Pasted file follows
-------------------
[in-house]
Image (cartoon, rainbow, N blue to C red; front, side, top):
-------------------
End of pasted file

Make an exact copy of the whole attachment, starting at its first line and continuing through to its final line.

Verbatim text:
[in-house]
Image (cartoon, rainbow, N blue to C red; front, side, top):